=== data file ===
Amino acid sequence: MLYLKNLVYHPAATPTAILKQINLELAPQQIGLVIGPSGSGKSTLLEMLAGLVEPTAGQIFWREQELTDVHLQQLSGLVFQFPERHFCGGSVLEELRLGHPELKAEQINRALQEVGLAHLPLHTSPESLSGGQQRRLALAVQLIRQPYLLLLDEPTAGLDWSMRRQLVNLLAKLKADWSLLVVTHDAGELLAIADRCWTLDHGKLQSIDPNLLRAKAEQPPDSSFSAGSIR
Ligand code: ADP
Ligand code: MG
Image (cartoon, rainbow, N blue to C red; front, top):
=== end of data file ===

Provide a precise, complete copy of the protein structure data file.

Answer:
Amino acid sequence: MLYLKNLVYHPAATPTAILKQINLELAPQQIGLVIGPSGSGKSTLLEMLAGLVEPTAGQIFWREQELTDVHLQQLSGLVFQFPERHFCGGSVLEELRLGHPELKAEQINRALQEVGLAHLPLHTSPESLSGGQQRRLALAVQLIRQPYLLLLDEPTAGLDWSMRRQLVNLLAKLKADWSLLVVTHDAGELLAIADRCWTLDHGKLQSIDPNLLRAKAEQPPDSSFSAGSIR
Ligand code: ADP
Ligand code: MG
Image (cartoon, rainbow, N blue to C red; front, top):